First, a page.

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Uncle Mikes Combat Grips for n Frame??

Discussion in 'Handguns: Revolvers' started by LubeckTech, Sep 28, 2010.

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  1. LubeckTech

    LubeckTech Member

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    Were Uncle Mike's combat grips ever made for the S&W N frame? I'd like to find a set for my 610 if they ever existed.
     
  2. Old Fuff

    Old Fuff Member

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    I'm not sure, but check out www.cdnnsports.com

    I understand they bought out all of the remaining supply of Uncle Mikes' when they quit the business.
     
  3. LubeckTech

    LubeckTech Member

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    From what I am finding UM didn't make their combat grips for the N frame.
    I have Pachmyer grippers on my S&W 610 (N frame RB) presently and want to reduce the trigger weight to around 8lbs and use Winchester or Federal Primers to get reliable ignition. The problem is the hole for the grip screw is in just the wrong place and won't let this happen. I like neoprene grips and have some Uncle Mikes on a L frame RB now. I will look to see if it may be possible to modify a K/L Uncle Mike grip to fit a N frame RB. More than likely it can't be done and I will wind up putting my original Hogues back on until I find something I like.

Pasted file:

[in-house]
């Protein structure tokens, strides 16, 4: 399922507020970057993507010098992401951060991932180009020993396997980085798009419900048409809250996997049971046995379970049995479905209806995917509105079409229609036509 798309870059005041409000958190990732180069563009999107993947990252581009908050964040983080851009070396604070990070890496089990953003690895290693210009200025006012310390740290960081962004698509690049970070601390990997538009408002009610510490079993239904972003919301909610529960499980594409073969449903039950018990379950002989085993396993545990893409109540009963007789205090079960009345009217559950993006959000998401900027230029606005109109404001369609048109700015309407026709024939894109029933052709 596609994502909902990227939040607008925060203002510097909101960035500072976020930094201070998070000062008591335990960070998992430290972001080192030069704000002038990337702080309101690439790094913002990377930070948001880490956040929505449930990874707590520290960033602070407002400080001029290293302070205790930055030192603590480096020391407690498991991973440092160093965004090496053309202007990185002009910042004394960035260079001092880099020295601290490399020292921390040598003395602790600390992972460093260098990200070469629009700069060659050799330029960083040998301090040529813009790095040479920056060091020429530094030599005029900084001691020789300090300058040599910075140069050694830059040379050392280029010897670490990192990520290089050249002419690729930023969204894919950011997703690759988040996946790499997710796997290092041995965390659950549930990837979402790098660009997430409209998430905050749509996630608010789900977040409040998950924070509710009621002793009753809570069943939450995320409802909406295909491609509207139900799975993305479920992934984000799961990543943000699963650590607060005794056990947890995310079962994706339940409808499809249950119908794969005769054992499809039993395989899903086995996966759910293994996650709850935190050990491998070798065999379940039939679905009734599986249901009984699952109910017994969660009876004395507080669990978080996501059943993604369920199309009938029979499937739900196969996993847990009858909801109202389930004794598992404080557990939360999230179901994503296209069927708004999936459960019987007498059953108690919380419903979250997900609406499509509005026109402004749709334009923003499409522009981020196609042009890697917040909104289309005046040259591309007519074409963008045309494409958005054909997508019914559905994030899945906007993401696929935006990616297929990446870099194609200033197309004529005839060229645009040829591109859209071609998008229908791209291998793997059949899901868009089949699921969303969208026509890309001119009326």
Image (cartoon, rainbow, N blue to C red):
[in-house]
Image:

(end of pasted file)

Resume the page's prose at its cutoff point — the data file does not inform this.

4. Old Fuff

    Old Fuff Member

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    The only other option I can think of is Pachmayr.

    If the stocks cover both the backstrap and butt, you can modify ones made for the square-butt N-frame by filling in the void at the the rear/bottom with rubber culk compound.

    If the screw hole problem is caused because you are shortning the mainspring strain screw, don't do it. There are better answers.

    What you really want is a 10-pound trigger pull that feels like 8 - or less.
     
  5. TuckerNielson

    TuckerNielson Member

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    Last edited: Sep 29, 2010
  6. LubeckTech

    LubeckTech Member

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    I like the Pachmyrs I am using with it now and where the trigger is at the moment which is between 10lbs and 11 lbs gives me consistant ignition with CCI primers and I feel if it will light CCIs it will shoot anything. Basically the trigger is pretty close to where I want it now. I bought this 610 new about a year ago and I have noticed the older S&W revolvers I have tend to have much better triggers than the newer guns. I run my k and l frame guns at between 8lbs and 9lbs by purchasing a replacement strain screw (keep the original in a safe place) and file the replacement down until I get the trigger where it provides consistant ignition, feels good and can tighten the screw to a point where it is secure without being too tight. I have never tried anything else except to thouroghly clean and lubricate the interior. What would you suggest I start with to improve the trigger feel? The first thing which springs to mind is polish the surfaces inside the mechanisim which generate friction and possibly changing the trigger reset spring to a lighter one. Can shims be used to make the trigger and hammer move in a straighter line and remove any "wobble"?